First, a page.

Putting your finger on exactly what a personal brand is isn’t the easiest thing to do. While the brand of an organization is a complex web of people, it’s still not as complex as people. Think of all the different skills that go into making you successful at your job.
There’s a common theme I speak about in my course on what it takes to develop your personal brand. It’s always about consistency.
Staying focused and sending a consistent message from your personal brand website is a challenge that few have mastered, and it’s visible. Heck, even I haven’t mastered it, but it’s something I keep in mind regularly.
Consistency isn’t possible everywhere though. For instance, my blog posts haven’t been about a single consistent topic, but I find my blog is a more dynamic part of my website, not nearly as important to be consistent as my other pages.
Send a Consistent Message
Writing for the static parts of your website and your social media accounts should follow a very simple formula.
This is what I’ve done to build my social media accounts so they flow with my website, each offering a unique display of who I am professionally.
I first started with the most important information that sums up what I excel at in one short, concise sentence. The sentence has to be within 120 characters (yes, less than a Tweet even) because of the limitations of many social media websites. I’ve used this introduction from Twitter to LinkedIn and Pinterest to Google+.
Beyond that you must tell a more robust story of who you are, what you are good at, and what you’ve done and can do for an organization. I have used this story of my relevant career on LinkedIn and my website’s about me section.
Beyond the message you send with the writing on your social media profiles and personal brand website, other elements should be used according to the medium. This means things like portfolio items, blog posts, and links.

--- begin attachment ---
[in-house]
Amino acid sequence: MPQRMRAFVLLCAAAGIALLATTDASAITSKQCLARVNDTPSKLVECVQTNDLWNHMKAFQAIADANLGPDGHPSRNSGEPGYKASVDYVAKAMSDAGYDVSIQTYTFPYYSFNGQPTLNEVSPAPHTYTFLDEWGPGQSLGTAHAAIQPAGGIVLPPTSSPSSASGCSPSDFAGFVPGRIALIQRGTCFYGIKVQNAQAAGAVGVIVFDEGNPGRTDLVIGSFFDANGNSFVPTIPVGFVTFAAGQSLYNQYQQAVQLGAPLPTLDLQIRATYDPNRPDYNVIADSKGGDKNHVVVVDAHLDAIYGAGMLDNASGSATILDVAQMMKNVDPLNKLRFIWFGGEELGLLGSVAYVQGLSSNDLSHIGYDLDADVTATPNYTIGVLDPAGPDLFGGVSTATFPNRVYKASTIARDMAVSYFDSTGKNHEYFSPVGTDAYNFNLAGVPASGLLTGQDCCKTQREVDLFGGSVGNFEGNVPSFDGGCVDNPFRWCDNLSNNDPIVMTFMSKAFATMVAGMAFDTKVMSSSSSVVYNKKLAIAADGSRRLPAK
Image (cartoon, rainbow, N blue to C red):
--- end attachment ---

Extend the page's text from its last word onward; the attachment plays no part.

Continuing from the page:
Use the Best Platform For the Medium
Not all your content should be available from all your social media accounts. While there will be the inevitable overlap of some of your content, this should be kept to a minimum and only on the most important stuff.
I’m going to use projects as an example because it’s the most obvious thing that you can’t and shouldn’t be showing everywhere.
Of course LinkedIn now gives you the opportunity to display your projects on your profile, but should you?
Yes, you should, but not as the primary place. It’s a great idea to show a few of the absolute best projects you have to show off. More than five and you might send a visitor into the deep end with too much to wade through.
LinkedIn is a great platform to show off just the few best (or most recent) you have to offer. The goal is to make sure your website is readily available on your LinkedIn profile if a visitor wants to find out more, that’s where you want them to see the extent of your expertise.
Your blog is another great example of using the best platform for the medium. You can of course now blog on LinkedIn which is great, you’re one step closer to reaching your connections on LinkedIn. The reason you still want to keep your blog primarily on your website is that it will continue to stay within your brand quality.
When you move your content into LinkedIn, it essentially becomes their content. You have given up control and cannot do what you would like with it. Searching your content is difficult, and it now comes tagged with ads and all the other baggage that LinkedIn carries with it.